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Is MHC diversity a better marker for conservation than neutral genetic diversity? A case study of two contrasting dolphin populations


Manlik, Oliver; Krützen, Michael; Kopps, Anna M; Mann, Janet; Bejder, Lars; Allen, Simon J; Frère, Celine; Connor, Richard C; Sherwin, William B (2019). Is MHC diversity a better marker for conservation than neutral genetic diversity? A case study of two contrasting dolphin populations. Ecology and Evolution, 9(12):6986-6998.

Abstract

Genetic diversity is essential for populations to adapt to changing environments. Measures of genetic diversity are often based on selectively neutral markers, such as microsatellites. Genetic diversity to guide conservation management, however, is better reflected by adaptive markers, including genes of the major histocompatibility complex (MHC). Our aim was to assess MHC and neutral genetic diversity in two contrasting bottlenose dolphin (Tursiops aduncus) populations in Western Australia—one apparently viable population with high reproductive output (Shark Bay) and one with lower reproductive output that was forecast to decline (Bunbury). We assessed genetic variation in the two populations by sequencing the MHC class II DQB, which encompasses the functionally important peptide binding regions (PBR). Neutral genetic diversity was assessed by genotyping twenty‐three microsatellite loci.
We confirmed that MHC is an adaptive marker in both populations. Overall, the Shark Bay population exhibited greater MHC diversity than the Bunbury population—for example, it displayed greater MHC nucleotide diversity. In contrast, the difference in microsatellite diversity between the two populations was comparatively low.
Our findings are consistent with the hypothesis that viable populations typically display greater genetic diversity than less viable populations. The results also suggest that MHC variation is more closely associated with population viability than neutral genetic variation. Although the inferences from our findings are limited, because we only compared two populations, our results add to a growing number of studies that highlight the usefulness of MHC as a potentially suitable genetic marker for animal conservation. The Shark Bay population, which carries greater adaptive genetic diversity than the Bunbury population, is thus likely more robust to natural or human‐induced changes to the coastal ecosystem it inhabits.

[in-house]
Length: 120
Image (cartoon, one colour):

Abstract

Genetic diversity is essential for populations to adapt to changing environments. Measures of genetic diversity are often based on selectively neutral markers, such as microsatellites. Genetic diversity to guide conservation management, however, is better reflected by adaptive markers, including genes of the major histocompatibility complex (MHC). Our aim was to assess MHC and neutral genetic diversity in two contrasting bottlenose dolphin (Tursiops aduncus) populations in Western Australia—one apparently viable population with high reproductive output (Shark Bay) and one with lower reproductive output that was forecast to decline (Bunbury). We assessed genetic variation in the two populations by sequencing the MHC class II DQB, which encompasses the functionally important peptide binding regions (PBR). Neutral genetic diversity was assessed by genotyping twenty‐three microsatellite loci.
We confirmed that MHC is an adaptive marker in both populations. Overall, the Shark Bay population exhibited greater MHC diversity than the Bunbury population—for example, it displayed greater MHC nucleotide diversity. In contrast, the difference in microsatellite diversity between the two populations was comparatively low.
Our findings are consistent with the hypothesis that viable populations typically display greater genetic diversity than less viable populations. The results also suggest that MHC variation is more closely associated with population viability than neutral genetic variation. Although the inferences from our findings are limited, because we only compared two populations, our results add to a growing number of studies that highlight the usefulness of MHC as a potentially suitable genetic marker for animal conservation. The Shark Bay population, which carries greater adaptive genetic diversity than the Bunbury population, is thus likely more robust to natural or human‐induced changes to the coastal ecosystem it inhabits.

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Item Type:Journal Article, refereed, original work
Communities & Collections:07 Faculty of Science > Department of Anthropology
Dewey Decimal Classification:300 Social sciences, sociology & anthropology
Scopus Subject Areas:Life Sciences > Ecology, Evolution, Behavior and Systematics
Physical Sciences > Ecology
Physical Sciences > Nature and Landscape Conservation
Language:English
Date:1 June 2019
Deposited On:13 Feb 2020 15:42
Last Modified:22 Apr 2020 23:05
Publisher:Wiley Open Access
ISSN:2045-7758
OA Status:Gold
Free access at:Publisher DOI. An embargo period may apply.
Publisher DOI:https://doi.org/10.1002/ece3.5265

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